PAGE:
The area was long isolated from the rest of Georgia by its geography of mountains and rivers, which some historians say contributed to early residents' separatist attitudes. Georgia did not have a road connecting Dade County to the rest of the state until the establishment of Cloudland Canyon State Park in 1939. That year Georgia began work on Highway 136 to connect U.S. 41 to the recently created park. The Civilian Conservation Corps built many of the facilities and access roads to the park. Up until then, travelers from elsewhere in Georgia could drive to the county only by way of Alabama or Tennessee.
Dade County had a short-lived state secessionist movement before the American Civil War. In 1860, county residents wanted to secede from the Union, but lawmakers for the state of Georgia were cautious. Legend has it that in 1860, the people of Dade County were so impatient that they announced their own secession from both Georgia and the United States. On July 4, 1945, a telegram from President Harry S. Truman was read at a celebration marking the county's "rejoining" the Union. Historians say Dade's individual secession and readmission were symbolic and had no legal effect. They say that officially, Dade County seceded along with the state of Georgia in 1861 and re-entered the Union with the state in 1870.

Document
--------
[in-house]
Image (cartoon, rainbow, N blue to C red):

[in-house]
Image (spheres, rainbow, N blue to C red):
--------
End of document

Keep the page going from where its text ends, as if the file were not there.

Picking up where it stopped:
Marion County, Tennessee (north/CST Border)
Hamilton County, Tennessee (northeast)
Walker County (southeast)
DeKalb County, Alabama (southwest/CST Border)
Jackson County, Alabama (west/CST Border)